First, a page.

Chicago, September 20, 2009 — Though landscape architecture firm leaders remain concerned about the economy, many plan to diversify their services and expand into new markets, according to a new survey of firm principals by the American Society of Landscape Architects (ASLA). Kermit Baker, chief economist of the American Institute of Architects, presented the findings today at the ASLA Annual Meeting and EXPO in Chicago.
The survey of 147 landscape architecture firm principals asked about emerging business issues and concerns, with the weak economy (81.6 percent) and identifying new projects/clients (80.3 percent) leading the resulting list. Four in ten expect significantly smaller revenue the next year.
In response, more firms plan to expand into new geographic regions or service markets (33.6 percent) or offer broadened landscape design and/or construction services (37.8 percent) compared to firms limiting their offerings (10.5 percent). More than one third (34.9 percent) of principals say their firms currently pursue or plan to pursue international work, with 15.1 percent currently or recently involved in international projects.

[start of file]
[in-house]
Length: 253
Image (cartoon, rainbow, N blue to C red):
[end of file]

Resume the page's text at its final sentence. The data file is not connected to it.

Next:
“Though the economy appears to be stabilizing, firms may emerge fundamentally different in their business approach as they expand into new markets and services,” said Nancy Somerville, executive vice president and CEO of ASLA. “While these changes will continue to increase competition in the short term, successful firms will be positioned for strong growth over the next decade.”
Baker presented his outlook for the landscape architecture profession in context of the overall status of the design and construction market and the broader perspective of demographic trends and their expected short- and long-term impact. View his full presentation online.